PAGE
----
One Saturday morning, while still using the Jadis to power my Altec Valencias, I was compelled to play "21st Century Schizoid Man," from King Crimson's In the Court of the Crimson King (CD, Discipline Global DGM0501), at a mildly excessive volume level. The results were enjoyable, and I was again impressed by the Orchestra Reference's colorful way with timbres both acoustic and electric. But although its sound contained a good helping of drive and momentum in the temporal sense, that combination of speakers and amp seemed to lack a measure of sheer oomph. I switched over to my DeVore Fidelity Orangutan O/96 speakers and found that, perhaps counterintuitively, this combination produced a more powerful sound overall. Through the Jadis-DeVore combo, there was less contrast, less sculptural "relief," in the texture of Ian McDonald's sax, and Greg Lake's electric-bass lines didn't turn on quite so small a dime. But in virtually every other respect this combination was superior, and even seemed to allow the chaotic ending a greater increase in loudness than had the Altecs. For whatever reason, the slightly less sensitive DeVores allowed the Jadis to work more effectively and efficiently, to the pairing's sonic and musical advantage.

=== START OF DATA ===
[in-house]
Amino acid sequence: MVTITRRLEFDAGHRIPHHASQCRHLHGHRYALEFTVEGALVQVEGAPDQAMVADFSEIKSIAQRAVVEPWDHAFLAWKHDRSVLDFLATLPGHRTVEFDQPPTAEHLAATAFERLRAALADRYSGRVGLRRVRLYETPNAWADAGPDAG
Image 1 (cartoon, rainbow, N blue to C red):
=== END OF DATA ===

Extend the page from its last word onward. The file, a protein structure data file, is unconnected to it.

The combination of Jadis amp and DeVore speakers was also capable of far subtler dynamic contrasts—distinctions resolved sufficiently well that no more than two or three revolutions of the record were required to hear the greater levels of nuance in the late Claudio Abbado's 1969 recording, with the Vienna Philharmonic, of the Haas edition of the 1877 version of Bruckner's Symphony 1 (LP, London CS 6706), as compared with another Bruckner 1 in my collection: It was a contrast between incandescence and indifference. Throughout the Abbado recording, the Jadis reminded me of its beautifully realistic timbral colors—the oboes and flutes in the Adagio were exquisite—and of its generally excellent sense of forward momentum. Its performance with this record was also typical of the Orchestra Reference's spatial character in general: Those woodwinds weren't set quite as far back as through other amps—including what I recall of the Jadis I-35—which indicated a good but not exceptional degree of imaging depth. By the same token, center-fill information wasn't as present or as finely focused as with the most spatially accomplished electronics. But the Orchestra Reference's sense of scale was, as suggested earlier, very satisfying overall, with the ability to sound big without sounding merely puffy.